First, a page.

Published 8:36 pm, Wednesday, May 17, 2017
Photo: Lea Suzuki, The Chronicle
Along with some colorful yarn adorning the fence outside the Old Mint building, another curiosity popped up in one of its windows along Mission Street this week: the Mississippi Flag, with Confederate emblem.
If you happened upon it, the flag may have caught you by surprise, but its presence has less to do with the Old Mint and more to do with the event happening inside: The San Francisco Art Institute is holding its annual MA/MFA art exhibition inside.
Artist (and SFAI student) Devan Tate is the person behind the flag being hung in the window of the Old Mint. Tate, 25, hails from Mississippi, and called the flag a “representation of my background.”
“I talk about trauma a lot and about the sanitation of history. History can be so sanitized and sterile that you have to forget the trauma that’s still living and breathing for the people that have to deal with it every day,” Tate said. “My family has to walk past these when they walk to the Capitol, or when they drive on bridges named after Confederate leaders, or when they pass my hometown in Mississippi, and they’re famous for its antebellum homes, and you drive past monuments of slavery because they were built by slaves. So for me, the flag represents all of that.
“The institutional side and also for me, it’s about putting it in the window, displaying it here, because we like to pretend that these types of views don’t exist in California. A lot of people have told me that things that I experience in the South are only in the South, and that’s definitely not the case. [Racism is] everywhere, it just manifests itself differently.”
Along with the Mississippi flag is Tate’s artwork and an actual reading corner, with two books that have children’s book-style illustrations, but confront serious, race-themed issues. One book tells the story of being a black person in an office workplace, and the other discusses micro-aggressions Tate has faced.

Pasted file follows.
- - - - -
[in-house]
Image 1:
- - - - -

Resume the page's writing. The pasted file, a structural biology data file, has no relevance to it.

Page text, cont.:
“I wanted to make this children’s book, ‘You Got Me F—ed Up.’ It’s about my profession, just a laundry list of micro-aggressions that are commonplace that has been said to me while I’ve been in this program,” Tate said.
“It was therapy for me to be able to say this out loud and share with my colleagues. Because sometimes people don’t know they’re being offensive, and sometimes people constantly repeat the things that are offensive, even after you’ve told them.”
Tate told SFGATE that the two books are meant to have a humor about them, despite discussing serious issues such as race.
“What I love about his books is they make hard issues digestible,” said Gia Brusa, Tate’s classmate at SFAI. “That’s what I love about the books, because they’re very simple, they’re a children’s book, — that’s how they’re constructed — but everything in the book is true and something that’s happened to Devan while at SFAI.
“[The books] show you the information just in front of you, as it is, for you to figure out, giving that information and that space to be read and spoken about it. The books they don’t simplify [race], but they’re a step towards allowing people to talk about it in a more constructive way than a critical way.”
San Francisco Art Institute MFAMA Exhibition. San Francisco Mint, 88 Fifth St. May 18-21, 11 a.m. to 6 p.m. Free. For more information, head to the SFAI events page here.